Whatever happened to the great rotation?

Leslie Shaffer | Writer for | age fotostock | Getty Images

The long-predicted "great rotation" out of bond investments appears to have fizzled, with funds headed back into fixed income, frustrating forecasts for higher yields.

"It's been a puzzling move since the beginning of the year" when the Federal Reserve began tapering its quantitative easing program, Bill Maldonado, chief investment officer for Asia Pacific at HSBC, said.

Analysts had widely expected interest rates would rise as the Fed began pulling back its asset purchases and as investors shifted out of bonds to seek more risk in equity markets.

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Instead, so far this year, around $85.52 billion has flowed into bond funds, outpacing the $45.98 billion that flowed into equities over the same period, according to data from Jefferies.

The 10-year Treasury yield has been hovering around 2.5 percent, down from around 3.0 percent in January. Bond yields move inversely to prices.

A key cause may simply be that despite all the quantitative easing from Japan and the U.S. and possibly soon in Europe, "the global economy is still very subdued. It's growing well below potential," Maldonado said.

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"It's likely we're going to be in a prolonged period of very low interest rates, below trend growth (and) low inflation, probably longer than we would have anticipated a year ago," Maldonado said. "A year ago, people thought that rates would rise in 2014. Now, we're saying maybe not until 2015. Well, what if it's 2016 or 2017," he asked. "If you construct that scenario, then I think the move in 10-year yields down is perhaps not as surprising."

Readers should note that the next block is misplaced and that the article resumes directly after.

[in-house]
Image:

Others also expect the bond rally might continue despite the Fed's tapering efforts.

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"The Fed is orchestrating a phenomenal exit from this unprecedented policy they've had in place for the last five years," Kumar Palghat, director at fixed income manager Kapstream Capital, told CNBC.

In January, the Fed began tapering its quantitative easing program of $85 billion monthly purchases of mortgage securities and Treasurys by cutting $10 billion from the total, and it has stepped down the purchases by another $10 billion at each meeting since then. Starting in May, monthly purchases will be $45 billion.

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Despite Treasury markets around 40-50 basis-point rally so far this year, Palghat doesn't believe the bonds are mispriced.

"The bond market might be right in saying the Fed is unwinding liquidity, but the actual rise in funds rate is going to be a couple of years away "So, the cheap money continues," he said.

—By CNBC.Com's Leslie Shaffer; Follow her on Twitter @LeslieShaffer1

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